'Painting' fine black lines on 6mm vehicles

Discussion in 'The Barracks' started by LesCM19, Nov 9, 2009.

  1. LesCM19

    LesCM19 "...lets rock!"

    Am in the process of painting a newly acquired batch of French WW2 tanks o_O and need to know the best way of doing the black outlines on the buff/brown/green splodgy camouflage, apart from painting it!!!
    I thought there was some sort of pen,maybe marker pen??
    I am using Humbrol Enamels.
  2. von Poop

    von Poop Adaministrator Admin

    If I want really fine black lines I just use a .5mm or less drawing pen, Rotring or disposable. The Ink can be a bit purpley though.

    However... my dad showed me a magic device that the railway types use for livery lines. Metal tweezers-like thing that worked really well (even for the cack-handed like myself), but I can't describe it properly or recall it's name. Seem to recall you used to get them in technical drawing sets - will have a shufti in the Squires catalogue.
    LesCM19 likes this.
  3. von Poop

    von Poop Adaministrator Admin

    Got it.
    A 'Ruling Pen' is apparently the technical term - I was surprised how good they were with paint (maybe only straight lines though ?? :
    Ruling Pen

  4. Za Rodinu

    Za Rodinu Hot air manufacturer

    Jeez, I haven't seen any of these for the past 30 years! Just adjusting the paint to thinner ratio will be a chore!

    No, not French but I used to do my squiggles in my 80s US force using a '000' brush and properly diluted paint, nothing more. The contraption above will work well for straight lines, definitely not for bendy camouflage schemes.
  5. von Poop

    von Poop Adaministrator Admin

    You're probably right Za, was really impressed with 'em for straight lines with undiluted acrylics though. Suspect I'd use liquid mask and the Airbrush for Mickey Mouse now.

    I never got on with really teeny 0000000000 brushes, always found that a really good quality size 1 or 0 can do as fine lines as any single hair thing, and holds more paint (expensive business though).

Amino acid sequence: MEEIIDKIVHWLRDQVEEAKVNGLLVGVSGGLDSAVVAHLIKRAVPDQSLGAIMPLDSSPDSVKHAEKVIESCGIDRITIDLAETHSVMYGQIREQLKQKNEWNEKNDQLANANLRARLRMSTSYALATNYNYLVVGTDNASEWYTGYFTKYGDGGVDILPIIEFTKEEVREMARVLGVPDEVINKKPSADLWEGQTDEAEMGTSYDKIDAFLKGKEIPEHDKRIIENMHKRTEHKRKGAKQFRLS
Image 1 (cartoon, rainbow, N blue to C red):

I'm getting model-guilt now - not the usual guilt at actually scraping away at plastic things (I can handle that, I'm shameless), more the guilt that goes with a half dozen unfinished kits and the gradually thickening layer of dust on 'em. :rolleyes:
  6. Za Rodinu

    Za Rodinu Hot air manufacturer

    You tell me! Some years ago I got bit by some bug and I sold my entire 1:76 vehicle collection: unbuilt kits, built kits, but mostly the half-built kits!

    I have to add that at the time I was working as a professional model maker, doing industrial models - refineries, cement plants, etc. I got so fed up with gluing plastic for a living that I couldn't derive any pleasure from my models. Never go the professional way, it will kill you!

    As for the black lining for 1:300, I still advocate the 000 brush, but I suppose any art shop will carry permanent pens of different thicknesses. But afterwards remember to apply a couple of coats of matt spray varnish, or else they will go away with normal use.
  7. phylo_roadking

    phylo_roadking Very Senior Member

    Years ago the sainted Peter Gilder taught me a trick for black lining, especially at the time for 28mm metal figures - but I've used it ever since on ALL scales, great for fingers, facial details, outlining etc. on 20mm and below...

    (oh god it IS years - He's dead and I'm OLD....:mellow:)

    Let your paint dry REALLY hard...

    Then simply draw on your lines/details with a nice sharp HB or 2B pencil!!!!

    The 2B can be a bit of a pain, though, it can leave lines that are so broad that you see the "grey" of pencil lead/graphite rather than black.

    A year or so I wanted to keep my hand in, so to speak, and picked up a box of polystyrene Zvezda Republican Romans (about 22-23mm figures); ALL the detailing you see here is by HB PENCIL - the folds in the tunics, muscle definition, rouching in the crests, outlining etc..

    It's a great time-saving trick for wargamers, for it means you can paint in single colours with a minimum of shading/highlighting, for speedy painting of figures in bulk.


  8. LesCM19

    LesCM19 "...lets rock!"

    Bought the finest point Pilot Drawing Pen from WHSmiths the other day which uses 'pigment paint'. After a days drying I then went over it with Humbrol Matt Cote which did not smear the ink at all, so...job done!
  9. Smudger Jnr

    Smudger Jnr Our Man in Berlin

    Got it.
    A 'Ruling Pen' is apparently the technical term - I was surprised how good they were with paint (maybe only straight lines though ?? :
    Ruling Pen


    Yes they are great for straight lines but you have to make templates for curves. ie Tenders for Railway engines that are lined out.

  10. Mike L

    Mike L Very Senior Member